Triple-A Syndrome (TAS) is a rare autosomal recessive disorder characterized by three
cardinal symptoms: alacrimia, achalasia and adrenal insufficiency due to ACTH insensitivity.
Various progressive neurological abnormalities and skin changes have been described in association
with the syndrome. The disease is caused by mutation in the AAAS gene on chromosome
12q13. Mutations in AAAS were identified in more than 90% of individuals and families with TAS.
The protein encoded by AAAS was termed ALADIN and is part of the WD repeat family of
proteins, that have been found to be involved in many different functions such as protein-protein
interaction, RNA processing, cytoskeleton assembly, control of cell division, signal transduction
and apoptosis. Immunohistochemical analysis showed that mutated or truncated ALADIN localizes
to the cytoplasm rather than to the nuclear pore complex. The exact function of ALADIN and the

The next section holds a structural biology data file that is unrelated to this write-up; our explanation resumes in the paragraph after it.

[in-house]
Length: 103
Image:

mechanisms that lead to the ACTH-resistant adrenal phenotype remains largely unknown. Nonetheless,
recent studies provided some insights on the role of ALADIN as a member of the Nuclear
Pore Complex not only implicated in the import of proteins involved in DNA repair and oxidative
stress homeostasis but also in the strengthening of the mitotic spindle assembly. Early identification
of the syndrome is challenging, given the rarity of the condition and high phenotypic heterogeneity
even among members of the same family. In this review, we aim to summarize the current
knowledge of clinical and molecular profile of patients with TAS and recommendations for the
diagnosis, management, and follow-up of patients.
Keywords: Triple-A Syndrome, AAAS gene, aladin, adrenal insufficiency, achalasia, alacrimia, 4A syndrome, 5A syndrome.
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